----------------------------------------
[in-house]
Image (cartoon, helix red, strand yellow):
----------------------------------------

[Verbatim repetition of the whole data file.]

[in-house]
Image (cartoon, helix red, strand yellow):